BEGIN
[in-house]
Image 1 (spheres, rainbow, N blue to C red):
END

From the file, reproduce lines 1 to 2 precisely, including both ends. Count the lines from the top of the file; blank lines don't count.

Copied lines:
[in-house]
Image 1 (spheres, rainbow, N blue to C red):